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Staten Island North Shore Bus Rapid Transit

Projects on pause

COVID-19 has slowed progress on this and other planning studies. We continue to move projects forward internally, however, and will be evaluating this project along with other regional transit proposals for possible inclusion in MTA’s next Capital Plan.

We are developing a Bus Rapid Transit (BRT) system that will operate between West Shore Plaza and the St. George Terminal. The new BRT system will provide faster, more reliable travel along Staten Island’s North and West Shores. We are currently in the environmental review process. This will include a comprehensive public outreach program. The environmental review process will result in an Environmental Impact Statement (EIS).

Environmental impact statement

MTA NYCT is overseeing the preparation of an Environmental Impact Statement (EIS) for the Staten Island North Shore BRT environmental process in accordance with New York’s State Environmental Quality Review Act (SEQRA). The Draft EIS should be published and available to the public in Fall 2020. Find out more about the Environmental Impact Statement.

Reactivating the North Shore right-of-way

The North Shore right-of-way (ROW) operated passenger rail service between 1886 and 1953. The North Shore BRT will reactivate the ROW as a transportation corridor.  The North Shore BRT will follow a similar route as the old rail service, running from St. George to Arlington, and like the old passenger rail it will stop at a Mariners Harbor station.  The pictures below depict the Staten Island Railway Mariners Harbor station in 1937, the remains of that station in the present-day, and a conceptual rendering of what the North Shore BRT Mariners Harbor Station may look like.


View of the Staten Island Railroad Mariners Harbor station in 1937
Mariners Harbor Station, 1937
Photo of the derelict Staten Island Railroad Mariners Harbor station taken in 2018.
Mariners Harbor Station, 2018
Digital rendering of the North Shore BRT Mariners Harbor Station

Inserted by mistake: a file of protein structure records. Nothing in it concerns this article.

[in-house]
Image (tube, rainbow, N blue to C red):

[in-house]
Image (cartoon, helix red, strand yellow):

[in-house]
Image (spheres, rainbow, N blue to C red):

Mariners Harbor Station Rendering

Public engagement

Check here for upcoming public meetings, hearings, and other ways to learn about the project and stay engaged. Materials and information from previous public events are available below.

Previous public events

Public scoping meeting on October 17, 2019

This meeting gave members of the public the opportunity to learn more about the environmental review process.  It was also an opportunity for individuals to submit their comments on the Draft Scoping Document.

  • View our scoping meeting presentation
  • Public comments on the Draft Scoping Document were accepted over the course of a 60-day comment period, from September 18 through November 18, 2019.”

Community outreach and agency coordination

Throughout the project, NYCT will be coordinating with many agencies, elected officials, and civic groups. 

Public Advisory Committee

A Pubic Advisory Committee (PAC) has been established as a collaboration among the MTA NYCT, local elected officials, Community Boards, organizations, and civic groups interested in transit improvements for Staten Island’s North Shore. Meeting at key milestones throughout the project, the PAC provides feedback to the Staten Island North Shore BRT EIS study team.


Interagency Advisory Committee

The Interagency Advisory Committee (IAAC) has been established to provide a forum for dialogue and coordination with other agencies. The IAAC includes federal, state, and local agencies, which may have a coordinating or regulatory interest in the project.


We periodically send out newsletters to provide project updates, context, and anecdotes to anyone who wants to keep up with the project. The newsletter is a great way to keep up with the environmental review process and receive information about any upcoming events.

Sign up for our newsletter.

Alternatives analysis

Staten Island North Shore Alternatives Analysis

In 2012, we prepared The Staten Island North Shore Alternatives Analysis (SINSAA) to study public transit alternatives for the North Shore. The SINSAA considered three types of transit—bus, train, and ferry. After extensive community outreach and analysis, we selected BRT as the best alternative to meet community needs.

The Staten Island North Shore Alternatives Analysis Supplement

In 2019, we completed the SINSAA Supplement to consider recent changes in St. George. The supplement reconfirmed BRT remains the best transit alternative. Study of the BRT is now advancing through an environmental review process.